I photographed a Spicebush Swallowtail Butterfly (Papilio troilus) last night in the Nescopeck State Park. My family was doing a formal photographic portrait, photos to come later on the family blog, and in the garden near the ranger station, several swallowtails were feeding on nectar. This spicebush female is identified by the blue color in the tail, while males are a bit more green. The photograph captures their unique characteristic of fluttering while feeding. Most butterflies are still while drinking nectar.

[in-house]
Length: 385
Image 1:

The name Spicebush comes from one of the host plants associated with it. However, the swallowtail does lay eggs and feed on many members of the Lauraceae family. They are found only in eastern North America, from Florida to southern Ontario. The species does not make it to my home in the Upper Peninsula of Michigan.
I also captured this Queen Anne’s Lace (Daucus carota), or Wild Carrot. This is the wild version of the domesticated carrot. Like its cousin, the root can be eaten, but only when young. The leaves can be eaten as well in small quantities. It is native to Europe and is naturalized here in North America. Several states have labeled it a noxious, invasive weed.